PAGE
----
Isabella and Ferdinand disliked King Joao II of Portugal and he disliked them – as we have seen they had been at war over the succession to the Castilian throne. Columbus’s discoveries across the Atlantic, and his bragging about them to Joao II, who had turned Columbus down, threatened to reignite the smouldering conflict between the two nations. Rodrigo Borgia, Pope Alexander VI, was trying to prevent the Portuguese/Spanish war from restarting when he divided the world. His division led in 1494 to the Treaty of Tordesillas between Portugal and Spain, which in turn led to warfare, piracy, smuggling and international intrigue . . . and eventually to the development of international law as other European nations formed intellectual arguments against the Treaty to legitimize their own voyages of discovery and commerce. Yet at the root of all this conflict, it was the personal story of Isabella, Ferdinand, Joao II and Borgia and their combined actions that started this intellectual process.

So the longstanding feud between Spain and Portugal, which led Borgia to declare the Treaty of Tordesillas, spurred other European nations into challenging his decree and creating new laws?

Yes, it was the opposition from other European nations to Borgia’s papal bulls that led first to defiance in the form of piracy, and then to legal and philosophical arguments against the right of any individual to control international common spaces. The Dutch lawyer and philosopher Hugo Grotius wrote his definitive Mare Liberum in the early 17th century as a direct attack against the right of the pope, or anyone, to divide and control the global waterways. He began the intellectual process that led to the United Nations Convention on the Law of the Sea. He so thoroughly undermined the foundation for anyone claiming exclusive use of the world’s oceans that the concept now seems absurd – imagine a similar arrangement for air travel, where Spain or Portugal proclaimed it illegal for airplanes to fly between New York and London because the pope gave them a prior monopoly.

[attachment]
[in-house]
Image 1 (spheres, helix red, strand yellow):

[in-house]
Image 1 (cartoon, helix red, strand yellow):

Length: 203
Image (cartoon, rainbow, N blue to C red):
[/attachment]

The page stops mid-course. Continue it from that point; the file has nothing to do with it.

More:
You’ve written a series of books about maritime history, yet you live in landlocked Alberta. Some of your readers might find this curious. What is it about these maritime stories that keep drawing you in?

I live in the Rocky Mountains but my family is from the east coast, so I grew up hearing tales of the sea from grandparents – hacking ice from the rigging in November to prevent a ship from capsizing, cutting loose a new car off the deck during a storm, hiding bootleg rum from the inspectors using salt cakes as buoys – things like that. So the sea has always been something I heard about and associated with adventure. But I was born in Ottawa and I am a confirmed landlubber, preferring a hiking trail to a fishing boat or even a canoe.

What fascinates me about the Age of Sail is that, at that time, most of the world was a vast unexplored frontier. In that age we are always dealing with firsts – the first crossing of the Atlantic to unknown shores, the first circumnavigation of the world, the first voyage around the Cape of Good Hope in Africa, and countless others. Everything was new and extremely dangerous, not to mention entirely unknown. The setting alone provides the background for incredible tales of human drama, bravery, determination, foolhardy optimism, the struggle against nature, etc. To me it all represents something intriguing in the human spirit – humanity’s enduring curiosity to keep going and see what’s beyond the horizon.